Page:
What’s Next for Algeria’s Military?
Since Algeria’s independence from France in 1962, the North African country has pursued a policy of non-interference, refraining from sending troops to missions abroad. But this policy is now about to change after Algerian voters approved a revised constitution that allows the military to participate in missions outside the country’s borders.
Referendum Gives Green Light to Algerian Troop Deployment Abroad
Some 23.7% of Algeria’s eligible voters cast ballot in this weekend’s referendum on the revised constitution, a historic low for a major vote. Around 3.3 million voters supported the changes, while 1.6 million voted against them.
The constitutional changes include presidential term limits, new powers for the parliament and judiciary and a clause to allow the army to intervene outside Algeria’s borders.
A draft of the revised constitution released by the Algerian Presidency in May showed an amendment of Article 29 of the current constitution, which prohibits the army from engaging in any conflict outside the country’s borders. “Algeria refrains from resorting to war because of its violation of the legitimate sovereignty and freedom of other peoples, and devotes its efforts to settling international disputes by peaceful means,” the article reads.
Algeria ‘Can Participate in Peacekeeping Operations Abroad’
This article, however, was revised in the approved charter to state that “Algeria within the framework of the United Nations, the African Union, and the Arab League, and in full compliance with its principles and objectives, can participate in peacekeeping operations abroad.”
Article 95 was also amended to grant the president the power to send army units abroad after a two-thirds majority vote of parliament. “The President of the Republic decides to send units of the army abroad, after approval by parliament, by a two-thirds majority of its members.”
Algeria’s Last Foreign Deployment was in 1973 Against Israel
The last time Algeria dispatched its military forces outside the country’s border was in 1973 when it sent army units to Egypt in its military conflict with Israel.
Constitutional amendments in 1976, however, prevented any Algerian military involvement in overseas operations and committed to a “purely defensive doctrine.”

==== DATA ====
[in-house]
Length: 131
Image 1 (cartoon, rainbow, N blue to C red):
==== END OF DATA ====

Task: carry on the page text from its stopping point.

The new constitutional changes represent a major shift in Algeria’s policy, and will help the country reposition itself as a powerbroker and stabilizer in a tumultuous region, amid raging conflicts near its borders such as the war in Libya and the ongoing fight against terrorism in the Sahel and Sahara.
How Will the Constitutional Changes Change Algerian Military Policy?
Once the changes take into effect, Algeria’s policy on military intervention would serve as a deterrent and would discourage foreign meddling in its direct neighborhood.
Algeria’s non-interference policy was seen as a reason that encouraged the NATO to stage a massive air campaign in Libya to depose strongman Muammar Gaddafi in 2011, which eventually led to the removal of Gaddafi’s regime and sent the country into a raging civil war.
Despite repeated demands for the North African country to play a role in Libya to help restore security to the oil-rich nation, Algeria refrained from intervening, citing its non-interference dogma.
This Algerian position has encouraged foreign players such as Turkey to embark on military adventurism in Libya, sending troops to the conflict-ridden country to support the Tripoli-based Government of National Accord (GNA) against eastern strongman Khalifa Haftar, who is backed by Egypt, the United Arab Emirates and France.
The Algerian non-interference doctrine has caused the situation in Libya to escalate to the point of a military confrontation, when Egypt, another Libya’s next-door neighbor, threatened to militarily intervene in Libya to stop the Turkish military advances in the oil-rich country.
Now, the constitutional changes would give Algeria a tactical advantage to play a prominent role in its backyard and make the country to become more proactive if another conflict erupts in a neighboring state. Among the countries bordering Algeria are Mali, Niger and Mauritania, all considered to be fragile states, likely to erupt in conflict.
With Algeria’s long policy of non-interference is now lifted, its adversaries may now carefully weigh their options when it comes to intervention or interference either in its direct neighborhood, or whenever its allies are under threat.